Data security and protection is everything for companies doing business in this computer-networked day and age. Going with anything less than an absolutely airtight disaster recovery and business continuity plan that involves multiple layers of data backup is a reckless move. At best, it can cost you perhaps half a day’s worth of business; at worst, you could be facing bankruptcy and liquidation because you couldn’t regain or restore your vital-to-operations data. Many companies still don’t realize the essential importance of Recovery Time Objective (RTO) and Recovery Point Objective (RPO), two key metrics in disaster recovery, data backup, and business continuity planning.
RTO and RPO Explained
RTO, or Recovery Time Objective, is a specific target time in which to recover data following a disaster of some type (what the Wall Street Journal calls “Digital Disruption”), such as a power outage (most common form of disaster), before any significant or permanent data loss (and related financial loss) occurs. The RTO metric is determined by calculating how quickly a given business entity needs to recover the data before beginning to suffer adverse consequences from the loss. It’s a necessary metric in forming a cogent and viable disaster recovery plan, which takes into account such factors as equipment needed and overall budget.
RPO, a.k.a. Recovery Point Objective, determines the maximum allowed time period that a business can go without the lost data, based on the particular amount of data lost. Say the RTO (or ideal recovery time) is three hours – the RPO would be, hypothetically, in the range of five hours, or wider time window in which to account for data loss. It’s generally calculated by analyzing the time that occurs between data backups in relation to the potential data that could end up being lost should a disaster occur between backups. The RPO determines, then, the amount of time that businesses can be without a set amount of data before business operations begin to suffer.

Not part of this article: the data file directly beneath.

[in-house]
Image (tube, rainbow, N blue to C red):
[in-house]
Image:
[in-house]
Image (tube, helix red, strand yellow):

While RTO and RPO are seemingly very similar, they are actually quite distinct metrics and constituent parts of a disaster recovery equation. The difference lies in their intrinsic purposes, with RTO taking into account the entirety of the business operations and all systems operating within it. RTO also more closely relates to or defines business continuity parameters. RPO, conversely, relates specifically to the data itself and how quickly a given company can recovery having lost that particular amount of data. Both RTO and RPO need to be taken into consideration when developing a viable business continuity plan.
Disaster Recovery and Business Continuity Experts
If you need advice on disaster recovery and business continuity planning (or Disaster Recovery as a Service (DRaaS)), Alltek is a proven leader in providing IT consulting and disaster recovery/business continuity planning in Atlanta using state-of-the-art technology and know-how. Contact one of our IT experts at (770) 949 or send us an email at -email@example.com today, and we can help you with all your questions or needs.